Page 1 of 2 12 LastLast
Results 1 to 13 of 14
  1. #1
    Join Date
    Jul 2016
    Posts
    2
    Post Likes

    Brooklyn Row house needs new oil furnace

    I'm in an 1850s row house with new thermopane windows. THere are 4 floors and 3200 sf. There is no gas in the house and the chimneys are old. Would it be a better long term investment to line the chimney (I've been told $5000- $8000) and bring in gas or to get a highly efficient oil furnace. I've read some of the threads on Adams. With 98% efficiency Adams sounds appealing if -and a big if - I am bale to find an qualified installer and maintenance company. I'm in Brooklyn, NY but so far haven't come up with anyone. Any suggestions. Gen

  2. #2
    Join Date
    Feb 2008
    Location
    Western Wa.
    Posts
    1,927
    Post Likes
    Go with gas or heat pump. It may be a regional thing but I can't believe that anyone would even think of putting an oil furnace in.
    UA Proud

    "Phfft! Facts. You can use them to prove anything." Homer Simpson

  3. #3
    Join Date
    Jul 2016
    Posts
    2
    Post Likes
    there's an oil furnace now, so this would be a replacement. It may not surprise you that the oil company is offering a free furnace - I would only pay for installation. I don't know about heat pumps any suggestions?

  4. #4
    Join Date
    Sep 2015
    Posts
    157
    Post Likes
    We're outside of Philly and I grew up with an oil hot water boiler. When we bought our new home two decades ago, gas heat and cooking was a non-negotiable prerequisite. After not dealing with the deliveries and similar nonsense, you'll never get oil again.

    As to saving money, get last years oil bills and do as follows:

    Old oil bill gallons x 138,500 btu per gallon = Old btus
    Old btus / 80% old efficiency x 92% new efficiency = new btus (less than above)
    New btus / 100,000 btu per therm = new therms

    Now figure the cost of gas vs oil or $ per therm gas / $ per gallon oil x 138,000 btu per gallon / 100,000 btu per therm
    For gas at $1 per therm and oil at $2.50 per gallon, gas costs 0.55 or 55% of oil.

    Now multiply your old oil bill by the cost ratio of oil to natural gas to get your new gas bill. The difference between you oil bills and the new gas bills you put in your pocket.

    If you burned 2,000 gallons oil at $2.50 per gallon for a $5,000 heating bill last winter you would spend $2,750 for gas at $1 per therm this winter for a savings of $2,250.

    If the cost difference to go gas vs oil is plus five grand, 2-1/2 years from now you'd have a free gas furnace and then free airfare to Hawaii for you and wife every year thereafter.

    Sounds like a no brainer in my humble opinion.

  5. Likes buttwheat liked this post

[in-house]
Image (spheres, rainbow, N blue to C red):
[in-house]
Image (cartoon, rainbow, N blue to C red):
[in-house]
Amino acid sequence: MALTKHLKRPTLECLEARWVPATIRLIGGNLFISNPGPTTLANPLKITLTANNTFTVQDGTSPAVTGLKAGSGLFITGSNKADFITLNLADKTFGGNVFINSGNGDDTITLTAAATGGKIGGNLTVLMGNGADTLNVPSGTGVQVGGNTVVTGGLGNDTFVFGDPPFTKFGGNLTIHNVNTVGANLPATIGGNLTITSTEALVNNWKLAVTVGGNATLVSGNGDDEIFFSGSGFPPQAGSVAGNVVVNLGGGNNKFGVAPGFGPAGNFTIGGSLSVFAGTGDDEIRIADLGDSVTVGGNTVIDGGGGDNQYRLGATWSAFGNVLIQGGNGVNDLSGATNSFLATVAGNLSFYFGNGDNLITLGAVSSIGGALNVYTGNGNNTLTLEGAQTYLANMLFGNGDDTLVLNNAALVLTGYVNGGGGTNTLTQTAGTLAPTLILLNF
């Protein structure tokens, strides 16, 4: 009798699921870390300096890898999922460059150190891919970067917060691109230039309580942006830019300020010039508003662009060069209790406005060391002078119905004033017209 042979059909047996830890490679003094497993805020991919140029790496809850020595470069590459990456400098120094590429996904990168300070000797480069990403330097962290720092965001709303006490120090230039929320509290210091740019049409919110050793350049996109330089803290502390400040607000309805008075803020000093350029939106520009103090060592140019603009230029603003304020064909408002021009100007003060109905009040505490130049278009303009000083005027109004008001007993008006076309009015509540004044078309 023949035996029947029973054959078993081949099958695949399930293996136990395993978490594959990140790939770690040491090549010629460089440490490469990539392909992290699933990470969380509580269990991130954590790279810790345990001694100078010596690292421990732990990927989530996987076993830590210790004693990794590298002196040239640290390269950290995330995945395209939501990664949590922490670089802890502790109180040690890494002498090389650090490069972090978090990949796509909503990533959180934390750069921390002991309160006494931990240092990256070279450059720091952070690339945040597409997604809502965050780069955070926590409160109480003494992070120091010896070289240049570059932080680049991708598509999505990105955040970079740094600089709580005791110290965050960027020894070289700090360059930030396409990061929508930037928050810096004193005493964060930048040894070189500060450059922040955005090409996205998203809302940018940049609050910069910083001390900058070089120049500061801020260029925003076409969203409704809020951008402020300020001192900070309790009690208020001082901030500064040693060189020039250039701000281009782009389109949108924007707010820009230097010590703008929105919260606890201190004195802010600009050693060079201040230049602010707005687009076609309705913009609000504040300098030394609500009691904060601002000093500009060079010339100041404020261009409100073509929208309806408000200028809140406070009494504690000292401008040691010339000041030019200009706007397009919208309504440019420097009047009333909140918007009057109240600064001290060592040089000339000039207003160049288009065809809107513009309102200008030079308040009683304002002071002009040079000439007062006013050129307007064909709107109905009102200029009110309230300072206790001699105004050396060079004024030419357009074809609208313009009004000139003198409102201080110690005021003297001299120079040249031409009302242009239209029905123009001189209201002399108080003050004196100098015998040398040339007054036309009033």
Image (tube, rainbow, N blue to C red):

6. #5
    Join Date
    Jun 2002
    Location
    south jersey
    Posts
    1,478
    Post Likes
    Quote Originally Posted by throrope View Post
    We're outside of Philly and I grew up with an oil hot water boiler. When we bought our new home two decades ago, gas heat and cooking was a non-negotiable prerequisite. After not dealing with the deliveries and similar nonsense, you'll never get oil again.

    As to saving money, get last years oil bills and do as follows:

    Old oil bill gallons x 138,500 btu per gallon = Old btus
    Old btus / 80% old efficiency x 92% new efficiency = new btus (less than above)
    New btus / 100,000 btu per therm = new therms

    Now figure the cost of gas vs oil or $ per therm gas / $ per gallon oil x 138,000 btu per gallon / 100,000 btu per therm
    For gas at $1 per therm and oil at $2.50 per gallon, gas costs 0.55 or 55% of oil.

    Now multiply your old oil bill by the cost ratio of oil to natural gas to get your new gas bill. The difference between you oil bills and the new gas bills you put in your pocket.

    If you burned 2,000 gallons oil at $2.50 per gallon for a $5,000 heating bill last winter you would spend $2,750 for gas at $1 per therm this winter for a savings of $2,250.

    If the cost difference to go gas vs oil is plus five grand, 2-1/2 years from now you'd have a free gas furnace and then free airfare to Hawaii for you and wife every year thereafter.

    Sounds like a no brainer in my humble opinion.
    Well said. Very impressive.

  7. #6
    Join Date
    Mar 2013
    Location
    Billington Heights, NY
    Posts
    5,702
    Post Likes
    DONT

    DONT

    DONT

    get a high efficiency oil furnace.

    Did I mention

    DONT

    ??
    Experience - knowing when to get the hell out of the way and plug your ears. "Don't be a sissy. Turn it on!"

  8. #7
    Join Date
    May 2000
    Location
    Indianapolis, IN, USA
    Posts
    37,396
    Post Likes
    Yes, you did mention don't Wise advice.

    Bring gas in.

  9. #8
    Join Date
    Jun 2014
    Location
    Dover, DE
    Posts
    6,368
    Post Likes
    Quote Originally Posted by HVAC_Marc View Post
    DONT

    DONT

    DONT

    get a high efficiency oil furnace.

    Did I mention

    DONT

    ??
    Absolutely.
    I've yet to hear of one that actually functions reliably.
    I havent failed. Ive just found 10,000 ways that wont work. - Thomas Edison